Hair Flowers For Wedding | Diy Floral Hair Comb

Bloom Culture Flowers

Subscribe Here





Diy Floral Hair Comb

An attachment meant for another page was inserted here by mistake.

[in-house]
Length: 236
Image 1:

[MUSIC] Hey, everyone, it’s Alison. With the bloom culture flowers in today’s tutorial, we’re going to talk about how to make a floral hair comb first. I start out with my paddle wire and I cut a long piece so that I’m able to thread it through the tines of the bridal comb. I do this so that it adds some extra stability whenever we connect it to the backing [Music] [Applause] next, you’ll want to cut down the wire to a little bit more of a manageable length. And then you’ll want to get your backing here. I’ve used it old business card, which you can use extra packaging, cardstock just something that’s firm and sturdy, but yet flexible, you’ll want to run a generous bead of glue along the inside of your backing. I load it up and then this way whenever I connect it to the wire, the wire will be enclosed and then the backing will glue to itself. I cross the wires and make sure that they are in the hot glue. Sometimes giving them a crisscross, but just kind of shoving them down in there and making sure that they’re completely submerged in the glue once it has set up and dried. You’ll want to trim down any excess wire, and then I also like to run a bead of glue along the top of the floral comb, where that paddle wire is and connect the base of your backing that way, it’s firm and sturdy, and you know, it’s not going anywhere next. You’ll want to start to add in your greenery and your floral. I run a very generous bead of glue along my backing, and I let that set up for a few minutes before I start to add any floral components onto it, You’ll want to have some glue on the back of your greenery and your floral that way. They will stick to the glue. That’s on the backing, a wet floral glue acts like rubber cement in that it sticks to itself so once the leaves have had a little bit of time for the glue to set up on them. I place them on the backing, and I want to make sure that most of the edges are covered. I want to hide that rough edge at the top of the backing as well so here. I’ll cut down some of our salal leaves once I’ve got most of my backing covered with the broadleaf’s allow, I’ll move on to a more textural greenery like the leather leaf that we’re using here. Sometimes I’ll come in and add that in layers underneath us allow making or creating a really pretty shape with the greenery. I also try to cover up the base of my floral comb where the backing meets the paddle wire that we wired it to this way. There are no hard edges, and you can kind of cover up all of your mechanics. You also want to make sure that your backing is completely covered, but we have a lot of flowers to place here that can cover that up. Once you’ve got all of your foundational greenery placed. You’ll want to move on here. I’ve started with some spray roses, and I typically use smaller scale. Flowers like spray roses. We’ve got Hypericum berry here. I like to use smaller scale flowers just because it seems to match more of the scale of the smaller floral comb. Remember to add your glue to your floral components as well. So that way they have the ability to stick to the glue. That’s already on the backing next. I’ll move on to some of our spray roses. I like to clean up any wilted or chewy petals. You also want to clean up any of the stems that are on the base of the rosebud. I also like to cut the base of the Spray. Rose at an angle that way. The angled flat part has a great place to sit on the foundation of your floral comb. I add in a dollop of cold glue on the base of the flower. I let that set up for a few minutes before I place it onto the floral comb next. I’m going to move on to some other detail pieces. I love to use Hypericum berry. It comes in an assortment of colors and really is a great scale difference to a lot of the detail components that we make. I’ll add a little bit of glue on the stem of the Hypericum, very let that set up for a few seconds and then go ahead and place it on the base of the comb moving on. Ill layer in some more of our spray roses. I like to use a variety of sizes on the spray. Roses, maybe a bloom. That’s a little more open contrasted with a bloom. That’s a little bit tighter this way. It helps with variety and scale and just add some interest to your piece. We will do the same thing to this rosebud. You want to take off all the excess greenery, all of the wilted or chewy petals underneath and get it ready and cleaned up for the floral glue? If you want to do a test run and make sure that it’s where you want it to be. I highly recommend that without the glue so that it’s not as messy in case you change your mind, but you’ll want to play with the placement here, and once you’ve decided on that, give it some floral glue and then place it where you want it. [MUSIC] [Applause]. Once you’ve got your two main blooms placed. I’ll start to add in some of the smaller pieces or components. I like to save a lot of the really tight, closed buds from the spray roses and use those as detail pieces in floral combs corsages and boutonnieres do a couple of test runs with the placement of your buds, and that’s when I would put the glue on and then place it permanently, but I like to place it in a few different areas to make sure I like the placement of it that the color looks good there, so I give it a test run before I place it [Music] [Applause] you will want to trim the stems down and then place a small bead of glue on the stems and then insert your stem where you want it to be on your floral comb next. I’m going to continue layering in with some of our smaller pieces here. I’ve used chamomile and it can also be called feverfew. I like to start with our larger blooms like the spray roses and work down in size from the Hypericum berry to some of the rose buds to some of these really small blooms. I feel like it just helps with my philosophy of designing in layers, and then you can start with your bigger layers and then move on to your smaller layers, which would be considered the chamomile and then some of these detailed pieces like I’m about to use. I’m gonna play with the placement of the Australia that I’m working with right now again. Don’t be afraid to do a test. Run before you commit to putting glue on the stem and then placing it for good [Music] [Applause] okay, now that we are getting close to the finished and final product. I’ll go through and look at my floral comb to see if there are any holes or any gaps between the flowers and the backing or just between the flowers and themselves, and I like to add in these detailed components. Maybe there are a few small leftover leaves a few small leftover rosebuds or Hypericum berries, and I’ll just go in and add these final details that just give it one final layer. I like to continue on with all the small elements until all of the holes or gaps in between the flowers have been filled. And you want to make sure that you cover up all of your mechanics such as your glue and or paddle wire and that completes our floral comb tutorial. Thank you so much for joining us today. If you have any questions, you can leave them. In the comments below or you can email us at hello at Bloom Culture, Flowers, calm [Music] [Applause] [Music].